InDialogue with Marcia Bjornerud and Mark Serreze: Why long-term thinking on the natural world matters

The dangers of a colonial attitude toward the Earth Marcia Bjornerud Anthropologist Clifford Geertz famously defined culture as the constellation of stories that groups of humans tell themselves about their place and purpose in the world. … [Read More...]

Earth Day 2019: Protecting whales and dolphins through citizen science

Whales and dolphins are icons of the sea that are instantly recognisable, and few animals inspire such excitement and passion. The intelligence of these animals relative to humans means that they speak to something deep within our psyche and connect … [Read More...]

InDialogue with Eelco Rohling and Sean Fleming: Earth’s changing bodies of water

Earth’s bodies of water have gone through considerable changes over time—can these changes tell us anything about climate change—and the future? Earth's History and the Oceans Eelco J. Rohling Earth’s bodies of water have gone through … [Read More...]

Bird Fact Friday: The Blue Jay (As Seen on BirdGenie!)

This week's Bird Fact Friday highlights the Blue Jay, as seen on BirdGenie. Here are some interesting facts about the bird: These are social, intelligent, alarm birds. They're common in the Eastern US and Canada. They prefer forest edges, … [Read More...]

InDialogue with Thomas Seeley and Nick Haddad: Why is insect conservation important?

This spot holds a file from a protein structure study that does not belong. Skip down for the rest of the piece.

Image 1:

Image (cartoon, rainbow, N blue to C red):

The PUP Ideas blog is pleased to announce our new InDialogue series. In keeping with our mission to provide a range of perspectives and voices, each month we'll be posing a big question to a pair of authors. With Earth Day fast approaching, we've … [Read More...]

Clifford Bob on Rights as Weapons

Rights are usually viewed as defensive concepts representing mankind’s highest aspirations to protect the vulnerable and uplift the downtrodden. But since the Enlightenment, political combatants have also used rights belligerently, to batter despised … [Read More...]

Jonathan Bate on How the Classics Made Shakespeare

Ben Jonson famously accused Shakespeare of having “small Latin and less Greek.” But he was exaggerating. Shakespeare was steeped in the classics. Shaped by his grammar school education in Roman literature, history, and rhetoric, he moved to London, a … [Read More...]

William L. Silber: Invest Like Buffett…Buy Silver When It’s Cheap, but Don’t Repeat his Mistake

The global economy in 2019 may seem unsettled because of trade wars and friction in the European Union, but it is nothing compared with the Great Recession. Few worry today about the collapse of the world financial system, a serious concern ten years … [Read More...]

On the Future by Martin Rees